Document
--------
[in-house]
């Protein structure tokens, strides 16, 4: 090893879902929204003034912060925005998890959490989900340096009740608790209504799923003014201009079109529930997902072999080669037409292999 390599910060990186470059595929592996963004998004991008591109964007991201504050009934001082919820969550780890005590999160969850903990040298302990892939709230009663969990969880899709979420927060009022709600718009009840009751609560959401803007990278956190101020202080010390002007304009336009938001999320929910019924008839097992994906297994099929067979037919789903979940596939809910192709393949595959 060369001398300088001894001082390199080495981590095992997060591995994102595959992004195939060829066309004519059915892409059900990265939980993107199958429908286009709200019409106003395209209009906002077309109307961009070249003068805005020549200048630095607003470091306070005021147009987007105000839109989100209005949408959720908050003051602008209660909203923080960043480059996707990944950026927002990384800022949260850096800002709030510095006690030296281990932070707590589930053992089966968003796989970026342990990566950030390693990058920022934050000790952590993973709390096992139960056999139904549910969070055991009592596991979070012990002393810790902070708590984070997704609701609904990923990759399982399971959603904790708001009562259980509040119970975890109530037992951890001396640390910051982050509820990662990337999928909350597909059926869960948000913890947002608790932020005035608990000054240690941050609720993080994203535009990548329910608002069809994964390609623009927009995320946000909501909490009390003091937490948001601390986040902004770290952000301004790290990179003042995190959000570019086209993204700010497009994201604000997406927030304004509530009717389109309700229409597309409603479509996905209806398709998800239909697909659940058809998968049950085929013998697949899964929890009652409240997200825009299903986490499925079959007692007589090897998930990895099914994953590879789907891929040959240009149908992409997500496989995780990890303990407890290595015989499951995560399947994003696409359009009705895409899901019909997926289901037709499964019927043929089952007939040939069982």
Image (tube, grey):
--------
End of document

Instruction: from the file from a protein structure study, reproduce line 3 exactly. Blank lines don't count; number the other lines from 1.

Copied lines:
Image (tube, grey):